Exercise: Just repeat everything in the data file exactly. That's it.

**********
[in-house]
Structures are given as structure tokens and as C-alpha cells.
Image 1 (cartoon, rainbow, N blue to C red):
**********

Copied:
[in-house]
Structures are given as structure tokens and as C-alpha cells.
Image 1 (cartoon, rainbow, N blue to C red):